Two high-spending, low-performing Michigan school districts are now under for-profit management, reports Ed Week. Emergency managers hired Mosaica Education to run Muskegon Heights schools and the Leona Group to take over Highland Park, which borders Detroit. Can charter managers turn around failing school districts?
Both districts primarily enroll low-income black students. Both ran up huge budget deficits, while test scores remained very low. In both, schools have been plagued by violence.
In the middle of the first year, attendance was up and fighting was down, Mosaica’s Alena Zachery-Ross told Muskegon Heights parents.
Reading and math scores were up since the fall for 2nd to 7th graders, although many students continued to lag behind where they should be, she said, and many 8th to 12th graders remained far behind where they should be to graduate on time.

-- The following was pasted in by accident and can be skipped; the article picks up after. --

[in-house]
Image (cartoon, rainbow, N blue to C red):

. . . According to tests administered at the beginning of the school year, 92 percent of 9th graders scored at least three grade levels below where they should have been in reading, and 82 percent were at least three grade levels below in math.
Teacher turnover has been high. Mosaica uses a structured, prescriptive curriculum and stresses “bell-to-bell instruction.” Some teachers quit as a result. In addition, Mosaica’s base teacher salary in Muskegon Heights is $35,000, with no retirement plan, compared with the former district’s $49,132. The company also cut administrative positions to save money.
In Highland Park, Leona also pays lower salaries — an average of $39,400 compared with the $54,700 before — and spends less on administrators.
Cutting costs is essential.
The now defunct (Highland Park) school district operated under a $20 million budget in 2011-12. The new charter district is currently operating with a $14.6 million budget.
. . . (In Muskegon Heights) the charter district is operating on a budget of $8.9 million compared with the previous year, when the budget totaled $15.9 million, which does not include debt service.
Can Mosaica and Leona produce significantly better outcomes with significantly less funding? In both districts, the schools are safer. But that’s just the first step.